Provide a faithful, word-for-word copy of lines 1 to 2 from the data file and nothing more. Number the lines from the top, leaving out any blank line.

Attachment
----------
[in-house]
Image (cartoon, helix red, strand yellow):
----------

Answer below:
[in-house]
Image (cartoon, helix red, strand yellow):